The week of July 4th has been one of celebration of our country’s independence, but also one of sorrow following the deaths of Alton Sterling, Philando Castile and five Dallas, Texas police officers Brent Thompson, Patrick Zamarripa, Michael Krol (a Michigan native), Lorne Ahrens, and Michael Smith.
These events are on the heels of the mass shooting in June, killing 49 individuals and wounding 53 others inside Pulse, a gay nightclub in Orlando, Florida. It was both the deadliest mass shooting by a single gunman and the deadliest incident of violence against lesbian, gay, bisexual and transgender people in U.S. history, as well as the deadliest terrorist attack in the U.S. since the September 11 attacks in 2001.
Events such as this also lead to discussions in the course of therapy. Clients, both young and old, have had feelings about what is going on and attempt to process it. There are many times on the news where individuals are labeled as “mentally ill” which then gives an impression to the public that individuals with mental illness are all violent. This is simply not the case. In fact, several studies including one from Vanderbilt University in 2015, states that less than 5% of individuals with mental illness engage in violent behavior. When we label people, it becomes an easy way for us to explain why something has happened.
A word that has been brought up during conversations this week is the concept of empathy. There is concern about the apparent decline of empathy in society today. A study published by the University of Michigan in 2010 found that college students today are showing a 40% decline in empathy than college students in the 1970s. But what does empathy really mean?
Empathy is not the same as sympathy. Empathy is understanding how another person feels or putting yourself in their shoes. Sympathy is recognizing another’s person’s problem and providing them comfort, but it doesn’t necessarily mean you understand it. There are 2 parts to empathy; the cognitive part and the emotional part. The cognitive part makes us try to identify another person’s thoughts and feelings. The emotional part makes us react to another person’s thoughts and feelings and respond appropriately to what they are feeling. You have to have both to equal empathy. Remember when your mom or dad said, “if you don’t have anything nice to say, don’t say anything at all” or the Golden Rule, treating others as one would wish to be treated?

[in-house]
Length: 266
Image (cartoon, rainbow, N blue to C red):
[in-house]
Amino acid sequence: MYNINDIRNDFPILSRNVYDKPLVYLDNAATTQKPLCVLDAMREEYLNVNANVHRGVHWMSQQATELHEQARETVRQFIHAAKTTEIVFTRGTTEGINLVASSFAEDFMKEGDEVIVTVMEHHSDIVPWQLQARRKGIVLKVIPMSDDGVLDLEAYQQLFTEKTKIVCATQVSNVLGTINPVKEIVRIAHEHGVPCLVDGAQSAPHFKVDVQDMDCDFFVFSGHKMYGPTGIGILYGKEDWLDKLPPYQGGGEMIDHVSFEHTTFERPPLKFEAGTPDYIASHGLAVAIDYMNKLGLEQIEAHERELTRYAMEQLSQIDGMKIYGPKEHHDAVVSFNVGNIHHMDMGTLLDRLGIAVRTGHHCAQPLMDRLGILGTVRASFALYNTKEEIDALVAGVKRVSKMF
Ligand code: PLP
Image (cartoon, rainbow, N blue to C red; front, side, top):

What is causing this decline in empathy? Some will say social media has caused people to say whatever they want to say behind the courage of their computer screens. Some will say that it is the reality show culture of competing to be the best. Some will say it is the fear of anything or anyone that is different from ourselves. The truth is that there is no one simple answer to this question.
One thing is clear though….in order to heal, there has to be a growth in empathy. We can celebrate our independence and freedom, but still care about our fellow man. Kindness does not make one weak. Courage does not always roar. I was reminded of a great quote by Mahatma Gandhi in watching a story on the news this week and it goes like this……”An eye for an eye will only make the whole world blind”. If each of us can be empathetic to those around us, and show compassion whenever and wherever we can, the hope is that we will all finally be able to see.